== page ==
Micky Deming: (00:35) Hello and welcome to the TREPX Podcast! This is Micky Deming and I’m really excited about today’s interview! I had a chance to talk with a fellow journalist. I talked to Leanna Johnson who is a journalist and who is using her journalism to build a business around it and to promote entrepreneurs to help them tell their stories. As entrepreneurs, as business owners we talked about this in the Chris Smith interview if you’ve heard that, telling your story is one of the most important things you have to figure out how to do. How to pull out those stories of who you are, of why you do what you do, and sometimes we can’t pull it out of ourselves. We need to be interviewed, we need to talk to someone else, and a journalist can really help with that. So Leanna is doing that for others and she is really documenting everything that she’s doing, everything that others are doing, on her website. It’s some really cool stuff. So if you are at all curious about how to do some better storytelling, some better writing, you definitely want to check out her site and everything she’s up to. You can find it at LostLass.com and again that is Leanna Johnson. Had a great time talking to her. Talking about the fun journalism stuff that we’ve both seen with interviewing and telling stories. Very much enjoyed chatting with her. Again, you can see her at LostLass.com and see this interview at TREPEXGroup.com. Please enjoy this interview with Leanna Johnson. Micky Deming: (02:04) Hello Leanna Johnson, welcome to the TREPX Podcast! How are you doing today? Leanna Johnson: (02:08) Hey Micky! Glad to be here! Thanks for the opportunity. Micky Deming: (02:11) I am really pumped because we have so much in common. I just sense how exciting that is! The main thing is that we are both journalist. I guess I would be a former journalist, but it’s still in my soul and you are very much a journalist. This is going to be fun! Leanna Johnson: (02:30) I think so too! Micky Deming: (02:31) I don’t think I’ve interviewed a journalist before, but here’s where I think I was disappointed because our way into journalism, yours was so much more noble than mine! I was reading your website and it says, “I became by the human experience. I combined my love of world cultures, curiosity of the human condition, and global awareness to create a multi-dimensional, multi-media career”. That’s so awesome! Leanna Johnson: (02:58) That was also really good copywriters, just so you know! Micky Deming: (03:04) When people ask me like why did you get into journalism? I say, well I was a pretty good writer and I like sports, so I thought I could write about sports and that’s my answer. Yours is so much cooler! Leanna Johnson: (03:16) Blinding skills! Yeah well, I guess writing has always been sort of a part of how I communicate and I traveled a lot when I was a kid and up until now. I have a pretty multi-cultural background, so it just kind of seemed to fit. I don’t know, it was sort of a natural progression. I grew up wanting to be an FBI agent, so I didn’t start off with the journalism thing. I sort of rejected the idea of criminal justice early on in college when I figured out how much desk work that would be and how probably boring that would become and I thought you know what, I can just kind of make my own rules and do my own thing as a journalist and still have that kind of detective, dangerous, fun experience. So there might be a little bit of an adrenalin junkie in there too. Micky Deming: (04:17) That’s cool! So you’re going to create the next cereal, that’s what you’re saying. You’re working on that right now? No, this is cool! There are so many things I want to ask. This audience being entrepreneurs, I always have said this, that the skillset you needed for journalism is so important in marketing and entrepreneurship and communication and so I think there is a lot we can learn from you and your experience, but before we get into that I just want to let you share kind of an overview of your business and how you’ve turned your journalism skills into an actual business. Leanna Johnson: (04:55) Well Micky, I honestly didn’t take the traditional route. When I think of journalism, I think of someone who works on the school paper, who practices photography from when they’re like 13, and interviews everyone, and just sort of builds up this really solid, awesome background with internships, and jobs, and so forth in college. I did not do any of that. I did dabble a little bit in newspaper and magazine journalism early on in community college, but I took kind of a roundabout way to get to it I guess. Instead of majoring in journalism, I actually majored in communication at UIC in Chicago. You could concentrate in journalism, but I really got this, I think of it as, English degree for 21st century people where you can actually make money as opposed to where you can’t. I learned kind of the basics of marketing and PR and because I was fascinated by culture, I combined that with Asian studies. So I was studying Asian film, Asian media, kind of global communication trends, and then I was sort of funneling that into journalism. I ended up doing some really cool work with a Bollywood dance troupe who I danced with for a while and then I did photography and video for and I ended up with this weird little internship at a church near my house where I would make promotional videos for their rummage sales and sort of learn things on the fly. So a lot of the journalism, aside from the writing which really has been a continuous interest for most of my life, the sort of multi-media aspect of journalism, the interviewing that all kind of build haphazardly and fell into it. That created a lot of interesting stories and a lot of interesting freelance work. My first freelance video was a funeral and I still remember sticking a camera in the faces of people who were mourning the loss of their loved one. I thought, oh God I don’t know if I’m in the right field. I don’t know what I’m doing here, but I think my love of travel sort of led me back to this idea of having a solid blog, of having a solid presence, of connecting with the community of people, and I think that’s really where my interest in entrepreneurship and business sort of started to take off. Micky Deming: (07:58) That was going to be my next question is like a lot of people that kind of have that skill set aren’t normally going to think how can I work on my own like this? So I’m curious, like did you always fill like kind of wired that way? Like I want to find a way to make this work and what’s it been like to transition to that and to have your own business? Was that difficult at all or did you just kind of know, like I have to make this work no matter what? Leanna Johnson: (08:28) I knew pretty early on that having a full-time sort of desk job, career was going to be very difficult for me. I am very independent, not very good with authority. I have had a series of kind of odd part-time jobs over the years that really made me appreciate sort of a different side of life and having the flexibility and I always ended up choosing flexibility over the stability of benefits and vacation days and sick days and so forth. That just kind of worked for me. I mean, it’s hard eating Raman a lot, but you can basically anywhere and you can take three months off and travel to Europe and you can’t really do that with a traditional desk job. So that and again sort of being part of, I found a good travel community in Chicago. They started off as Go Girl and they are Wanderful now. A beautiful network of women travelers and a lot of them were bloggers. There were a good number of journalists and a good number of photographers and they built their lives around this love of travel. I thought that’s what I want to do, except with journalism. I want to build my life around what I love to do so I have that flexibility to go where I want to and to travel and to see the world as it is and not sort of as I want it to be. Micky Deming: (10:05) Right and I think there is kind of a like two things working at once there. Your skillset that you own and that you do is also the same thing that is allowing you to have clarity about the things you want to do. I know in the business that you have, the people you work with, a core element of it is the writing, is the storytelling, is the information gathering and I think probably one of the biggest challenges for entrepreneurs is like I have so many ideas in my head, I have so many different things going together at once, like how do I clarify that? Do you find that’s a big part of what you’re doing as you work with people, is to help them put on your journalism hat and condense it and find what actually really matters? Leanna Johnson: (10:56) Yeah! No, that’s very true. I think it’s also, as an entrepreneur, that I think that’s an important part of being and entrepreneur, being a journalist, is being able to see things from all different angles and to kind of narrow the focus, if you will. Not only for other people but for yourself as well because you’re never going to have a solid business if you’re not sure which direction you’re heading in. So it’s sort of finding that purpose, finding those niches that you feel like you have, you can bring some good information to the table, you feel like you have a passion for, you feel like you have some expertise in, and sort of narrowing those down. It’s a lengthy process, but eventually, you can take that struggle and you can market it and in this age where authenticity and transparency are the catchwords of marketing, it’s really blogging and sort of confessing those sort of weaknesses as you build your business really helps you figure out what audience you’re looking for and what your audience needs. It connects you, I think, in a very strong way. As you said, it is a big part of being a journalist is really kind of narrowing that down for people. Figuring out not only what they want to say, but the story they need to tell and to how best to tell it. What media form to use, the right words to go with their brand, and so forth. Micky Deming: (12:43) Yeah, I love that. I think that’s extremely important. I think every business needs a journalist around at least because I know like just from my experience, you know if you’re telling a story or you’re righting for a newspaper it is always better to have more sources or more information than you need. I’d rather have too much than not enough because you can always filter through it and I think, you know, for entrepreneurs they have so much and they’re like I actually do have too much, but I don’t know how to filter through it. We have this here at our company, like where our founder a lot of times will just throw information at me because he’s like I know that if it’s not worth using right now you’ll get rid of it, but I know at least your eyes will see it and I’m always like good! I want more information just because I’ll filter through it and I think that’s an important thing for people to understand, like how can you use those skill? Don’t just delete information, but take it in and find out what is most important. As far as storytelling, I think that’s almost become a buzzword now with marketing. It’s like, how do you tell your story and be authentic? That’s a real skill. I’m curious, what are some of the things you’ve done to help people and to do it for your own business that are key elements in good storytelling? Leanna Johnson: (14:09) Oh my goodness! Ummm, well see honestly I have a love-hate relationship with this whole personal branding, personal marketing thing because it really forces you to get really into not only what you want to do and what you’re good, but why. Where do you come from and who are you as a person and it gets really personal and deep very quickly. I have had a hard time with that because I am not the best at self-motion, to be honest. I don’t like it. I don’t feel like I’m using the right words to describe myself. It always seems easier to tell someone else’s story than your own, but I think it’s an invaluable part of building a business. Especially in a century where freelancing is at an all-time high.  What with the economy, what with the job market, you’ve got so many people going into business for themselves. Just all across the board and all different sectors and there really is this rush to sort of stand out from the crowd. I think personal marketing is kind of the key to that. I have had to sort of dig into my multi-cultural and travel background. I lately did an article series on what it’s like to grow up in different parts of the world and how disconnected and unusual and sort of different that can make you feel and how you sort of end up with an identity crisis. Then I sort of took the idea of mental issues like PTSD or anxiety, which I have some issues with, and that’s sort of another personal platform that you can work from. You know, past interests, past experiences, hobbies, you know it really is about taking the basics of who you are as a person and it’s funny how difficult that can be at times and saying, you know what, what do I have to say about this. How can I market this as a skill? How can I promote myself this way? It can be something as simple as just talking to people in a dance class or at a coffee shop you like to frequent. It’s really not about selling yourself 100% of the time, but recognizing that you as a person are a valuable commodity. Not just because of your skill set, but because of your character and your interests and your experiences and kind of building on that. I don’t think anyone can do that alone. I have had a lot of people who have had to help me see that and sort of focus into that. Micky Deming: (17:12) Yeah, isn’t that funny? It like goes to that same conversation with journalism. I feel the same way. It’s so much easier to write about others, to talk about others, to promote others than it is for yourself, but at the same time, I have had people that I’ve interviewed that are like I’ve never said something like that before. I’ve never heard myself communicate that way before. You asking questions brought that out of me and we have to do the same thing. It doesn’t have to be a professional journalist, just someone who can ask good questions and bring those things out can be incredibly clarifying just to get interviewed. I think that’s incredibly important. Leanna Johnson: (17:54) Yeah, I agree. Micky Deming: (17:56) So it’s cool. That’s kind of what I think is interesting with this is just how you can take these skills of writing and of researching and of gathering information and use them as a business. I am curious to know, as you are pulling this together and it’s kind of new territory, what’s next for your platform and where are things headed? Leanna Johnson: (18:24) Well now that I’ve got sort of a decent website and a decent brand, again that’s kind of been a trial and error process, and now that I’m finally getting somewhere with that and I’m comfortable with it, I see a lot of promotion. That is something that I’m sort of dreading, but I know it will have to happen, but I’m hoping this year to make the transition to being a full-time freelancer. I’m not sure how doable that is at the moment, but it’s the small steps in between I think that will really get me there. There’s registering your business, there’s establishing sort of a client base and figuring out the markets that you really want to work for, the magazines and newspapers you’re interested in, the kind of regional publications, or online markets that will be willing to pay you at least decently for your work until you are at a point where you can sort of ask for more money. I spent the last year, did a couple of paid gigs, but a lot of it, a lot of my published work was unpaid and it was great exposure and it was great promotion for me and for them, but now I’m like ok I need to get paid for all of this. This is a lot of work, a lot of time, and a lot of effort and there’s nothing wrong with that. It’s really part of being in a business and I think sometimes we have to kind of let ourselves off the hook, at least as a writing I just kind of want to go into a cabin in the woods and just write. Just go that Thoreau route and sort of write. You know writing is a form of art and sort of be that artist, but at the same time, I also want to be a part of the world and be recognized and paid for what I do. There’s that as well. Definitely next step is kind of pulling together that business now that I have a logo and a face to put to my work and a good solid body of work in the same place, which is saying something. It’s all about findings those clients and really setting up my life to work around what I want to do. Micky Deming: (21:02) That is so great! Well, I think you’re definitely on the right track. Just having skills that fill needs and having the ability to tell stories, the ability to communicate, the ability to pull real information out from people and tell their story I think is awesome! I am excited for you! I am grateful for you taking the time in this interview. I think there’s a lot to take away from your story and all you shared. I want people to find out more because I think your services would be valuable for the entrepreneurs listening. Where can we find out more about all you’re up to and find you on the internet? Leanna Johnson: (21:42) Oh yeah, sure! So my new website just launched. It’s LostLass.com. I am also on Facebook at Lost Lass Facebook page and if you are interested in looking me up on Twitter, Leanna Lost. There is that kind of marketing continuity right there. It’s picking a word and sticking with it! I thought that kind of fit who I am and kind of my brand and yeah, happy to connect with anyone. I love collaborating on different projects. I also have a world music radio show called Masonna Sounds. It is with a small new local station, mostly geared towards the South Asian community in Chicago, but its radio (__________). They are on Facebook and Twitter as well and so far I broadcast twice a month. I’m hoping to kind of expand on that in the next few months. Micky Deming: (22:52) Very cool; that’s great stuff! Thank you so much for sharing and for taking the time, I really appreciate it. You keep up the great work! Leanna Johnson: (23:00) Thanks Micky, you too! Announcer: Thank you for listening to the TREPX Podcast.  For more episodes, interviews, and business growth tools, please visit TREPXGr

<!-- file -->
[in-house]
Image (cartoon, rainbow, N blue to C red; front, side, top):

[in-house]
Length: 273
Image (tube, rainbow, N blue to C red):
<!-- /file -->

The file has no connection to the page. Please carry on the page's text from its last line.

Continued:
How to Approach Entrepreneurship with Emad Rahim – Episode 68